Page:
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Professor David Canter is one the UK’s most eminent applied social psychologists, being one of the few to be appointed as an Honorary Fellow of the British Psychological Society and having been elected as a Fellow of the Academy of Social Sciences and the American Psychological Association. Although he is internationally known for his development of the discipline of Investigative Psychology, bringing scientific precision to ‘offender profiling’, he has worked as a management consultant to major blue-chip companies on risk reduction, amalgamations and briefing for new building complexes. He has also given advice to government enquiries on crowd control. He has published many books and hundreds of academic articles, having been awarded a UK Golden Dagger and the US Anthony award for his best-seller Criminal Shadows, and having written and presented a six-part documentary series, Mapping Murder, which is also published as a widely read book. He is Emeritus Professor at the University of Liverpool, U.K.
THE RADEX OF CRIMINALITY: A model of crime differentiation
Professor David Canter, PhD., FAcSS, Hon FBPsS, FAPA, FRSM, C.Psychol.
Emeritus Professor at The University of Liverpool, Visiting Professor at the Liverpool Hope University and Bucks New University
Whether it is types of burglary or types of serial killing, varieties of arson or of acts of terrorism, any understanding of criminality requires an analysis of what it is that distinguishes one variety of crime from another. This is particularly important in any attempts at ‘offender profiling’. Any inference of the characteristics of an offender requires the identification of those actions in the crime that are significantly distinctive.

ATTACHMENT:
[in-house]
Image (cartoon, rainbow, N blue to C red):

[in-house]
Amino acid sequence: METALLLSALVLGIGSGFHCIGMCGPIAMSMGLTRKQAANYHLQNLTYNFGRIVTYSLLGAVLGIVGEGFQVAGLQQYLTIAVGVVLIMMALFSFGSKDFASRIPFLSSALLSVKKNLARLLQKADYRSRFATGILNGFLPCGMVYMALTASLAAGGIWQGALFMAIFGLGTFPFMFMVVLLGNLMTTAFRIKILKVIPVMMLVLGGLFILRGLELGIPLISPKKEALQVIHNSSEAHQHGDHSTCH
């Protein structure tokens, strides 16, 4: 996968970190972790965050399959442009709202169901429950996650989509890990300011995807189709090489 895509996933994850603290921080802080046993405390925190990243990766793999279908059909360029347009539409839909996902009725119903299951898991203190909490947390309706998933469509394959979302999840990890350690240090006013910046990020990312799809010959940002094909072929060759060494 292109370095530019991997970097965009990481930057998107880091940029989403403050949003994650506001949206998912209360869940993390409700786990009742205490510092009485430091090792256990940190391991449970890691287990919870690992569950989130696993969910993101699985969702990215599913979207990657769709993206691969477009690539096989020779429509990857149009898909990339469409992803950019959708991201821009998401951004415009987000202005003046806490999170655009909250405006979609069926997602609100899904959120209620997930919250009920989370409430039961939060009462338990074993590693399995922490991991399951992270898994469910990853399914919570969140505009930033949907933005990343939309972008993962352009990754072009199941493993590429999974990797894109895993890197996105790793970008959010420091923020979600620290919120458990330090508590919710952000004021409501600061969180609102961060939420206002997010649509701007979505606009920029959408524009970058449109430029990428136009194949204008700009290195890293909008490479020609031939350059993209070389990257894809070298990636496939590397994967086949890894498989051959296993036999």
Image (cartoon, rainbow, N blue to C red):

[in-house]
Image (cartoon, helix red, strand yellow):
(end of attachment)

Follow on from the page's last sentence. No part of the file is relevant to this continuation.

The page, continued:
Many studies in Investigative Psychology have revealed that there is a common structure to variations in criminal actions the reflect the ways in which crimes can be effectively differentiated. At the core of this structure are the actions that define the nature of the crime. Moving from the core is an increase in deviance and depravity. The different modes the deviance can take create a circular order around the core. Taking the quantitative increase from the core and the qualitative variation around it together create a powerful model, known as a radex.
The radex many practical and theoretical implications. These are illustrated with examples from serial killing, arson and burglary. The overall framework offers a generic model of criminal differentiation.